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With H.M. 9th Lancers During The Indian Mutiny - The Letters Of Brevet-Major O. H. S. G. Anson [Illustrated Edition]

Length: 276 pages4 hours


[Illustrated with over one hundred maps, photos and portraits, of the battles, individuals and places involved in the Indian Mutiny]
Letters From an Officer of the “Delhi Spearmen” on Campaign in India, 1857-58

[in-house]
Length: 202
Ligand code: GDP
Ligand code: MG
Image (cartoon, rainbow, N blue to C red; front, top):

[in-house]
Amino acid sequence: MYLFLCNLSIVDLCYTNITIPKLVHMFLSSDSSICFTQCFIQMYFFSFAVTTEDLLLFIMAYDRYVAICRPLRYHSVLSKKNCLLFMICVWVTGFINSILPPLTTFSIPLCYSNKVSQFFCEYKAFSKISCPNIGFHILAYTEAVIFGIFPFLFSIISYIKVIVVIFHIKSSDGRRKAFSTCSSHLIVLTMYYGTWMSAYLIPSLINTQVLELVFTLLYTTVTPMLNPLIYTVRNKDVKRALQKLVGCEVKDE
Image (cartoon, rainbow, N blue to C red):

“The letters in this book were written by Brevet-Major Anson, of H. M 9th Lancers, to his wife who was residing at Kussowlee in the Himalayan foothills near Shimla. Anson was an experienced officer at the outbreak of the Indian Mutiny, with some twenty years’ service in the sub-continent, having fought at Punniar in the Gwalior War of 1843, at Sobraon, 1846, during the First Sikh War and Gujerat and Chillianwallah, 1849 and during the Second Sikh War. At the outbreak of the mutiny he was in command of a squadron of the 9th. His regiment, the 9th Queens Royal Lancers, had received their first posting to India in time to take part in the Gwalior War and during the Indian Mutiny of 1857 they served at the storm of Delhi and the capture and relief of Lucknow. The popular view is that they were awarded their famous nickname, ‘the Delhi Spearmen’ by the mutineers themselves. It is certain that the regiment deservedly earned its fierce reputation. It was highly regarded by others in the campaign and members of the regiment were awarded an astonishing twelve Victoria Crosses for acts of outstanding courage-more than awarded to any other cavalry regiment. Anson’s intimate letters to his family were, of course, never originally intended to be published, but fortunately for posterity they have left us with a nonpareil record of the mutiny as a cavalry officer and mounted regiment experienced it, details of the every day life of a regiment of the Victorian era on campaign and a first-hand reaction to the events of the Mutiny from someone who related-not with the benefit of reflection, but with the immediacy of reportage-events as they occurred. The book is of course all but unique, a source work of the highest order and is recommended.”-Print ed.

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